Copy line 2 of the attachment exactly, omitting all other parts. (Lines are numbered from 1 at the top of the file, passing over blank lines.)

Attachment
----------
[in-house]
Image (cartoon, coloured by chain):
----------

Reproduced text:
Image (cartoon, coloured by chain):